Wigan Council bosses find new placement for boy staying on hospital ward

A 12-year-old boy with behavioural difficulties, who was “inappropriately placed” on a hospital ward, now has somewhere new to stay.

Sunday, 18th July 2021, 4:55 am
Wigan Council was told to find another placement for the boy

The High Court was told Wigan Council had put the youngster in hospital because of “an acute lack of appropriate resources”.

But Mr Justice MacDonald was told the boy was subjected to chemical and physical restraint at the hospital – and at times 13 police officers had been present in an effort to control his behaviour.

He said the boy demonstrated “challenging, violent and increasingly self-harming behaviour”, nurses and staff had been hurt and other patients frightened.

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The judge refused to allow council bosses to continue to deprive the boy of his liberty on the hospital ward and said they “simply must” find an “alternative placement” for him.

Now, the council has confirmed the boy has left the hospital.

A joint statement was released by Wigan Council, NHS Wigan Borough CCG, Wrightington, Wigan and Leigh Teaching Hospitals NHS Foundation Trust and Greater Manchester Mental Health NHS Foundation Trust.

They said: “This has been a very complex and sensitive case and health and social care partners across Wigan borough have been working closely to try to safely resolve the situation and find a more appropriate place for this young person.

“All professionals involved in the care have been making decisions in the best interests of the young person, whilst also taking into consideration the difficult circumstances and the welfare of staff and carers.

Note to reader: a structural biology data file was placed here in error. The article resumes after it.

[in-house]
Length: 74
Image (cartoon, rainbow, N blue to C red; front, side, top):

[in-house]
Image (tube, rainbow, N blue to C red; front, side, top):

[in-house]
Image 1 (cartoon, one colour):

“We are all pleased that a more suitable placement has been found and the young person was transferred there on Wednesday, with a lot of ongoing support from social care, community services and mental health professionals. We hope that this helps them to transition well and get the long term help that they need.

“The judge hearing this case recognised the care and dedication shown by all professionals involved and expressed his gratitude for this.

“This is a highly complex case that remains subject to legal proceedings.”

Mr Justice MacDonald, who is based in London, outlined detail of the case in a written ruling following a recent private hearing in the Family Division of the High Court.

He said the boy cannot be identified, referring to him in the ruling as “Y”, and has not named the hospital.

“In the circumstances, Y is currently and inappropriately placed on a clinical ward at (the hospital), where he has had to be subject to chemical restraint, physical restraint and five-to-one staffing in order to attempt to control his behaviour,” said the judge.

“At times there have been up to 13 police officers present on the ward in an effort to control Y’s behaviour.

“That paediatric ward has now had to be shut to new admissions due to the risk presented by Y, and parts of the ward have been closed entirely.

“Other gravely ill children have had to be moved to alternative hospitals across the north west of England and lists of elective surgeries for children in urgent need of such treatment have been cancelled.

“Nurses and other hospital staff have been injured.

“Other sick children and their parents have been alarmed and frightened.”

He added: “What will now happen to Y? The answer is that the local authority simply must find him an alternative placement.”

Mr Justice MacDonald, and a number of other judges, have raised concerns about a shortage of secure accommodation for children with behavioural difficulties in England and Wales in recent years.

The judge said the situation had arisen in the boy’s case because of “an acute lack of appropriate resources”.

He said he did not criticise medics, social workers and police involved with the boy’s care.

“All those involved have done their level best in a situation that has bordered on the unmanageable,” he said.

“Insofar as fault falls to be apportioned, it must settle on those who have not made the provision required to address the needs of highly vulnerable children such as Y.”

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